Foot and ankle pathologies in juvenile idiopathic arthritis: A narrative review
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Fellas, A., Hawke, F., Santos, D. & Coda, A. (2017) Foot and ankle pathologies in juvenile idiopathic arthritis: A narrative review. In: Proceedings of the 24th Paediatric Rheumatology European Society Congress: Part three, Pediatric Rheumatology, 15(Suppl. 2), pp. 178-179.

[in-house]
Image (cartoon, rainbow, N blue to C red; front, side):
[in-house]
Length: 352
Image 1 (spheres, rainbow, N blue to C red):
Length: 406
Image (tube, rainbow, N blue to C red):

Introduction: Foot and ankle pathologies are common in juvenile idiopathic arthritis (JIA) and can cause physical disability and reduce quality of life (1). Early detection and evidence-based treatment of these symptomatic pathologies are an important first step in preventing ongoing pain and long-term disabilities in children with JIA.Objectives: To search the literature and provide an update on the types of foot and ankle pathologies reported in children with JIA.Methods: MEDLINE (Ovid) was searched for relevant papers published in English with preference given to papers published in the last 10 years, and older highly regarded cited papers.Results: Foot and ankle pathologies are highly prevalent in JIA (1–3). Foot and ankle pathologies in JIA include joint disease, tenosynovitis, muscle atrophy, enthesitis, digital deformities and biomechanical abnormalities (1–9). One study surveying foot problems found that in a cohort of 30 children with JIA, 63% reported some level of foot-related impairment and 60% with foot-related participation restriction (1). This review outlines and describes each of these foot and ankle pathologies.Joint disease – Joint disease in JIA may include joint swelling, tenderness, pain, warmth and stiffness (4). These symptoms typically occur as a result of synovitis (4) and may be involved in 35-58% of cases (2, 3, 5, 10). Tenosynovitis – inflammation of the tendon sheath in JIA commonly affects the tibialis posterior and peroneal tendons (5). Muscle atrophy – Plantar-flexor muscle atrophy may be observed in children with JIA. This may be more noticeable when there is active joint disease in the ankle (6, 7). A reduction of plantar-flexion strength at the ankle may have implications in the propulsive phase of the gait, by delaying heel lift and increasing plantar pressures on the rear and midfoot. Enthesitis – Inflammation at the site of insertion of a tendon or ligament to the bone is common at the Achilles tendon and the medial tubercle of the calcaneus. These are typically seen in male patients with the enthesitis-related subtype of JIA (4). One recent study with 26 JIA participants (average age of 11.6 years) reported a prevalence of 45% for the Achilles tendon and 20% for the plantar fascia (8). The mean recorded pain on a 100 mm visual analogue scale was 48 mm (8). Quality of life was not measured in this study; however, this level of pain may reduce physical and social well-being. Digital deformities – Inflammation in the forefoot may lead to digital deformities such as clawed toes in children and adolescents with JIA. One study reported a prevalence of 17% in 144 participants (average age = 10.6) with JIA and hallux abducto valgus (2). Children with polyarticular subtype of JIA and those with a longer duration of disease were more likely to have hallux abducto valgus (2). Biomechanical abnormalities – Biomechanical abnormalities of the foot and ankle are associated with prolonged synovitis (3). Synovitis can disrupt normal articulation of the rear and midfoot joints, and can contribute to an excessively pronated foot and abnormal plantar pressures (9). One study found that the prevalence of excessively pronated rear and midfoot joints in 144 JIA participants, was 73% and 72% respectively (2).Conclusion: A range of foot and ankle pathologies are highly prevalent in JIA and contribute to physical morbidity. Allied health professionals may be involved as part of the paediatric rheumatology multidisciplinary team to assist in the early detection and management of these lower limb pathologies. Further research is required to attain accurate prevalence rates and the long-term implications that these foot and ankle conditions may have on a child or adolescent with JIA.